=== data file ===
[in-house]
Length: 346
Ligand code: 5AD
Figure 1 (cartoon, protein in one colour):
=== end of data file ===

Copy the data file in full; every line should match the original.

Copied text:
[in-house]
Length: 346
Ligand code: 5AD
Figure 1 (cartoon, protein in one colour):